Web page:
Photovoltaic modules manufactured abroad have a higher carbon footprint

Solar panels manufactured overseas can have twice the carbon footprint of those produced domestically, a new life cycle analysis (LCA) of photovoltaics has shown.

So far, similar LCAs have focused on Europe or North America – where the use of solar energy is highest and the majority of R&D is concentrated – and assumed that the materials are manufactured in-country. But in reality 80% of silicon-based photovoltaics are manufactured in Asia, where there may be fewer environmental controls. To investigate the impact of this, a team led by Fengqi You at Northwestern University, US, carried out LCAs for photovoltaic modules under two different scenarios: those that are manufactured and installed in Europe, and those that are manufactured in China, then transported to Europe and installed.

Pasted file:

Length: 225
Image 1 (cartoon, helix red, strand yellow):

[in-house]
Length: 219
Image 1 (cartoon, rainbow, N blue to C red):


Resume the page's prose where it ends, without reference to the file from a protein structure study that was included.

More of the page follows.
The energy payback time – a measure of the time it takes the modules to generate the energy required to make them – rose from 1.6 to 2.3 years for multi-silicon photovoltaics when manufactured in China. Their carbon footprint more than doubled – 69.2 COequivalents/kWh compared with 31.8 COequivalents/kWh for those made in Europe. The team say this is mainly due to the use of coal to generate electricity in China, as some parts of the manufacturing process – such as the production of purified silicon – have high electricity demands. They suggest this effect should be recognised in Europe and the US, and addressed with a carbon tax on imported photovoltaics.